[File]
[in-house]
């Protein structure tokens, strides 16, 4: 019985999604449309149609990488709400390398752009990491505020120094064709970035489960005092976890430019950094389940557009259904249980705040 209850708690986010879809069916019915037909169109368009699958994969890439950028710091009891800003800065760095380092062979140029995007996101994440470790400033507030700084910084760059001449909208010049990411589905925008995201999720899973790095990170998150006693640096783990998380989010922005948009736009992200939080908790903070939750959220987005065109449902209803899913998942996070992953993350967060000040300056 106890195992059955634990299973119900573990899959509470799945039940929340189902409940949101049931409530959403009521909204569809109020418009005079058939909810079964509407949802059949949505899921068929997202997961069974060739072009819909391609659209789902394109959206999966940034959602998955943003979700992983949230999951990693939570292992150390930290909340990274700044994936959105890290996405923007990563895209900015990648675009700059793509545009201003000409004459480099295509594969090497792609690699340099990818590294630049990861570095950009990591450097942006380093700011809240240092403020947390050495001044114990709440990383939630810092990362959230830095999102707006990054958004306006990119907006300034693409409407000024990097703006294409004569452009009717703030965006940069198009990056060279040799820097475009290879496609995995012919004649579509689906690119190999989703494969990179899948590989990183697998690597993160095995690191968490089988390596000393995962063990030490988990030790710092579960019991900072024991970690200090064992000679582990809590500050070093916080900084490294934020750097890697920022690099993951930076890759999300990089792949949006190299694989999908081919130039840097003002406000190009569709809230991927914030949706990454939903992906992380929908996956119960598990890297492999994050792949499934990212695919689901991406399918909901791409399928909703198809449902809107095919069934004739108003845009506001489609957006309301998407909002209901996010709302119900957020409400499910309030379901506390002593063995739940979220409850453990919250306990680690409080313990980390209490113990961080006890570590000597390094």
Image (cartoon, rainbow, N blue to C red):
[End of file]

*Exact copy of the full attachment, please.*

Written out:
[in-house]
């Protein structure tokens, strides 16, 4: 019985999604449309149609990488709400390398752009990491505020120094064709970035489960005092976890430019950094389940557009259904249980705040 209850708690986010879809069916019915037909169109368009699958994969890439950028710091009891800003800065760095380092062979140029995007996101994440470790400033507030700084910084760059001449909208010049990411589905925008995201999720899973790095990170998150006693640096783990998380989010922005948009736009992200939080908790903070939750959220987005065109449902209803899913998942996070992953993350967060000040300056 106890195992059955634990299973119900573990899959509470799945039940929340189902409940949101049931409530959403009521909204569809109020418009005079058939909810079964509407949802059949949505899921068929997202997961069974060739072009819909391609659209789902394109959206999966940034959602998955943003979700992983949230999951990693939570292992150390930290909340990274700044994936959105890290996405923007990563895209900015990648675009700059793509545009201003000409004459480099295509594969090497792609690699340099990818590294630049990861570095950009990591450097942006380093700011809240240092403020947390050495001044114990709440990383939630810092990362959230830095999102707006990054958004306006990119907006300034693409409407000024990097703006294409004569452009009717703030965006940069198009990056060279040799820097475009290879496609995995012919004649579509689906690119190999989703494969990179899948590989990183697998690597993160095995690191968490089988390596000393995962063990030490988990030790710092579960019991900072024991970690200090064992000679582990809590500050070093916080900084490294934020750097890697920022690099993951930076890759999300990089792949949006190299694989999908081919130039840097003002406000190009569709809230991927914030949706990454939903992906992380929908996956119960598990890297492999994050792949499934990212695919689901991406399918909901791409399928909703198809449902809107095919069934004739108003845009506001489609957006309301998407909002209901996010709302119900957020409400499910309030379901506390002593063995739940979220409850453990919250306990680690409080313990980390209490113990961080006890570590000597390094």
Image (cartoon, rainbow, N blue to C red):